Multi-platform, multi-sensor technologies for Earth observation, surveillance, information retrieval in Northern and Arctic regions
The project is a long-term project funded by the Norwegian Research Council under the Research Initiative for Northern Norway, focusing on the development of new advanced technologies for Earth observation from both satellites and Unmanned Aerial Systems (UAS). The objectives are to improve existing and develop new services and products by adapting and implementing state-of-the-art methods in EO sciences, and to develop and implement EO sensors for UAS platforms.
The project will be carried out in collaboration between the University of Tromsø, Northern Research Institute, Narvik University College, and the major research institutes and industries with competence and expertise in Earth observation in Northern Norway, and should deliver output of significant benefit to these industries, as well as institutes organizations and management authorities.
The research activities aim to expand the existing competence and experience owned by the collaborating partners to areas of significance for industry and important society branches (e.g. environmental management authorities).
The project will comprise three interrelated research and development areas:
- Methods and Algorithms: Development of basic methods and algorithms for information retrieval from data from Earth observation sensors, quality assurance and modification of existing satellite algorithms for arctic conditions. This research includes information retrieval from both satellite and UAV borne instruments.
- Models: Development of mathematical and numeric models for prediction of the impact of emissions from polluting sources.
- Platforms and sensors: Development of sensors and UAS platforms dedicated to surveillance tasks and reliable routine operation in the Arctic under all kinds of conditions.
Participants:Torbjørn Eltoft, Camilla Brekke, Anthony Doulgeris and Ding Tao
The project shall build capacity for enhancing the measuring, reporting and verification (MRV) of forest in Tanzania through the application of advanced remote sensing techniques. The project is funded through the Norwegian embassy in Dar es Salaam, as part of a bilateral agreement between the governments of Norway and Tanzania.
The project is performed in support of and in collaboration with the United Nation's Collaborative Programme on Reducing Emissions from Deforestation and Forest Degradation in Developing Countries. It is also contributing to the establishment of a national demonstrator under the Group of Earth Observations Forest Carbon Tracking (GEO-FCT) project.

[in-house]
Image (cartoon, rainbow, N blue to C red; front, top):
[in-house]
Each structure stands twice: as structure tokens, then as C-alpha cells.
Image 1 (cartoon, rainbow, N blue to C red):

Tanzanian project partners are Sokoine University of Agriculture and the University of Dar es Salaam. Norwegian project partners are the University of Tromsø, the Norwegian University of Life Sciences, the Norwegian Forest and Lanscape Institute, Northern Research Institute (NORUT), Norwegian Computing Centre, and Kongsberg Satellite Services.
Within the project, the University of Tromsø will perform research and development activities related to change detection and biomass estimation using SAR, and also data fusion of change detection with optical and SAR data.
Participants:Stian Normann Anfinsen, Gökhan Kasapoğlu,Torbjørn Eltoft
This project is funded by Total E&P Norge AS.
Oil spills, both deliberate discharges and accidents, are an important environmental problem, posing a threat to the marine and coastal environment. Remote sensing, particularly with SAR, has become an important tool for oil spill detection and monitoring. SAR is especially useful in Arctic areas due to the day and night, all weather capabilities. One shortcoming of SAR is the fact that several natural phenomena, called look-alikes, have the same appearance as oil spills in SAR imagery. This includes natural films, grease ice, low wind areas etc. Recent advances in sensor technology, e.g. multi-polarization options, are likely to improve the possibilities for detection, characterization and for classification between oil spills and look-alikes, and between different types of oils.
The overall aim of this project is to develop new methodologies based on multi-spectral radiometric data and multi-polarization and multi-frequency SAR data together with other auxiliary information to enable improved detection and characterization of oil slicks and their look-alikes in Arctic oceans.
Participants:Stine Skrunes, Camilla Brekke, Torbjørn Eltoft
The project is funded by the Research Council of Norway.